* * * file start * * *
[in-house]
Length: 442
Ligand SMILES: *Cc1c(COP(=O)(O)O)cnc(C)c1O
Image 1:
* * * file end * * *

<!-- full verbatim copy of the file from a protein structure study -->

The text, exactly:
[in-house]
Length: 442
Ligand SMILES: *Cc1c(COP(=O)(O)O)cnc(C)c1O
Image 1: